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Trayvon Martin: On Racism and Ignorance

March 30, 2012

Whatever you might think about what happened on Feb. 27 when George Zimmerman pulled the trigger and fatally shot Trayvon Martin is your opinion.

But, there are a few things I think are worth mentioning.

This blog post is about to get uncomfortable.

That’s the population’s general reaction when the subject of race comes up.

Why was Zimmerman following the 17-year-old?

The Merriam-Webster Learner’s dictionary defines stereotyping as the act of “believing unfairly that all people or things with a particular characteristic are the same.”

Was Zimmerman stereotyping people who wear hoodies or was it the color of Martin’s skin that drew his attention?

These are questions we probably won’t have answered for a while.

But, let’s not try to pretend that we live in a post-racial United States because we elected our first African-American president.

Statistics on racism are hard to come by because people do not openly admit they are bigots, but I did find these in a CNN article.

“Asked if they know someone they consider racist, 43 percent of whites and 48 percent of blacks said yes.

But just 13 percent of whites and 12 percent of blacks consider themselves racially biased.”

Just this past week this story made headlines when some Hunger Games fans were disappointed because one of the characters they liked was actually black and not the little white girl they had pictured in their heads.

I wanted to write about this case because I came across this excruciatingly biased article on

It listed the ways in which Martin was not innocent. Tattoos. School suspensions. Let’s not forget his Twitter account.

Though his Twitter account pains me to no end because of his crappy grammar and use of slang; it’s not indicative of someone who is violent.

It’s indicative of a crappy school system and teenage culture where it’s cool to be stupid. I can say this because I am a product of Miami-Dade County Public Schools and because I was a teenager once. I uSeD tO TyPE LyK DiS.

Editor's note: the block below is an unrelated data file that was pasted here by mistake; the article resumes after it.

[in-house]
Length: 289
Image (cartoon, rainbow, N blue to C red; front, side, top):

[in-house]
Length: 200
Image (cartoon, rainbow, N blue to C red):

The Editor-in-Chief of Wagist has since responded with an update about their coverage.

But, still, it all goes back to stereotyping and the beliefs we cultivate about others.

Just because someone is tattooed all over doesn’t mean they are a bad person.

Chicago Protest for Trayvon Martin

Chicago Protest for Trayvon Martin.
Photo Credit: Debra Sweet

Just because someone can’t write for their life doesn’t mean they deserve death.

And just because a black boy is walking the street by himself doesn’t mean he is going to jump you.

Martin has become the face of a necessary campaign. These issues need to be confronted. If not for Martin, then for the countless other men who have been killed while black and unarmed. The Root published this slide show of these victims.

This isn’t Jim Crow. This isn’t the Civil Rights movement. This is our own stupid judgement and reactionary society causing this mess.

It’s the 21st century. This shouldn’t be happening.

3 Comments leave one →
  1. Meghan Chandler permalink
    March 30, 2012 8:35 pm

    Thank you for this post. For multiple reasons. 1. You led me to the completely biased article at I can’t believe that people call that journalism when it is riddled with so much opinion. 2. You highlight the real issue: stereotyping people based on very little evidence. 3. I am currently beginning to work on a project focusing on this case and hoodies in particular. A lot of the information you gave has given me more of a focus for this story. Thank you!

    • March 30, 2012 8:50 pm

      Thank you for reading. Good luck with your project. Let me know where you post about it so I can see the details and what you find.

  2. Meghan Chandler permalink
    March 30, 2012 8:59 pm

    I will make sure to do that! Thank you for the quick response! Again, I really do appreciate your posting!

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